“Everyone wins when a leader gets better.” –Bill Hybels
I’ve always loved this quote because it highlights the importance of leaders taking the time to get better. To look at themselves first. To improve. To grow. And when they do, other people get better, teams become stronger, and organizations become more effective. This should be the aspiration of every leader, but unfortunately it’s not.
SET THE EXAMPLE
When leaders commit to getting better, they set an example for others to follow. If you have taken the time to conduct an honest assessment of your current situation, explained in stage two, then you are on the right track toward becoming a better leader. However, it cannot stop there. You must be willing to take the next step, which is a commitment to self-improvement. This is all about taking a few deliberate and intentional steps to build upon your strengths and correct any weaknesses.
KNOW WHAT TO CHANGE
What can you focus on in the next 30, 60, and 90 days that will have a significant impact on the way that you lead? The key here is to focus. All too often, leaders try to do too many things at once, and in the process they don’t accomplish anything. Less is more. Attempt to achieve a few meaningful objectives, not a long list. In doing so, you will gain confidence and momentum to build upon.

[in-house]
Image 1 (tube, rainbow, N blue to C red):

COMMIT TO ACTION
The desire for self-improvement is a good thing, but desire without action is just desire. So after getting focused, the key in this stage of the self-leadership development process is to act, to implement. Oftentimes action does not occur for various reasons—procrastination, excuses, fear, lack of conviction, to name a few. But if you are going to improve as a leader, then a commitment to decisive action is non-negotiable. Otherwise it’s just talk!
So what will you do in this pivotal stage? Will you set the example by taking deliberate action to improve yourself in specific areas, or will you allow excuses to keep you from doing what is necessary to get better?
Choose to be a leader who leads yourself with excellence, and others will follow your lead.
“Decide upon your major definite purpose in life and then organize all your activities around it.” — Brian Tracy
“Twenty years from now you will be more disappointed by the things that you didn’t do than by the ones you did do. So throw off the bowlines. Sail away from the safe harbor. Catch the trade winds in your sails. Explore. Dream. Discover.” — Mark Twain
“Be willing to make decisions. That’s the most important quality in a good leader. Don’t fall victim to what I call the ready-aim-aim-aim-aim syndrome. You must be willing to fire.” — T. Boone Pickens